Lu Na McKinney: Murder trial told body was 'clearly visible' in water

By Julian Fowler
BBC News NI South-West Reporter

  • Published
Boat at jetty in Lough ErneImage source, Pacemaker
Image caption,
Lu Na McKinney drowned during a family boating holiday on Lough Erne

A policeman who recovered the body of a woman allegedly drowned by her husband has told a murder trial she was clearly visible in the water close to the boat.

Lu Na McKinney, 35, died during a boating holiday in County Fermanagh in April 2017.

Stephen McKinney, 43, of Castletown Square in Fintona, County Tyrone, denies murdering his wife.

She drowned after entering the water at Devenish Island during an Easter holiday with their two children.

The trial at Dungannon Crown Court heard from a constable on board the police boat which was the first to arrive on the scene.

The constable said he asked Mr McKinney, who was standing on the deck of the hire boat wrapped in a red blanket, where she had entered the water.

"I asked: 'Where did she go in?' and I got no reply," he said.

The constable, who used a torch to search the water around the boat, told the court: "I saw a black object in the water, very close to the stern of the hire boat.

"I believed it was a person."

Image source, Pacemaker
Image caption,
Lu Na McKinney's lifeless body was pulled from the water by police

The officer recalled that Mr McKinney said: "She's here."

He described the accused as being "fairly quiet - it certainly wasn't excitable".

When the officer went aboard the hire boat he said he could see the black object "very clearly" using only moonlight and the lights of the hire boat.

"Visibility was good. I could see it clearly," he said.

He told the jury she was about 3ft to 4ft away (0.9m to 1.2m), just out of reach by hand, and he used a boat hook from the police boat to reach her.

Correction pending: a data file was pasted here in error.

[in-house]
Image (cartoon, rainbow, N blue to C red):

A Royal National Lifeboat Institution (RNLI) crew helped him to retrieve Mrs McKinney from the water onto the jetty.

The officer said there were no signs of life and he began cardiopulmonary resuscitation (CPR) before transferring her by lifeboat to an ambulance waiting on the land.

Image source, Pacemaker
Image caption,
Stephen McKinney denies murdering his wife

He said he returned to the hire boat and spoke to Mr McKinney and told him he should got to hospital to be checked over.

"I told him his wife was going by ambulance to hospital and suggested he go with her.

"He reiterated he didn't want to go to hospital", he said.

"He refused several times - he didn't want to go to hospital," the officer said - Mr McKinney later changed his mind.

Under cross examination by a defence lawyer, the constable confirmed that he could not be sure that the black object he had seen in the water was a body until it had been recovered.

He also said she was in an upright position in the water.

Another officer who stayed with Mr McKinney when his wife was brought ashore said he was pacing back and forth asking a number of times "where's Lu Na?"

He said he appeared to be "very calm".

In response to questioning from the defence lawyer, the officer confirmed that in a statement at the time he had recorded that due to his demeanour Mr McKinney may have been in shock.

Mr McKinney, who is originally from Strabane, County Tyrone, denies murder and claims his wife drowned in a tragic accident.

The trial continues.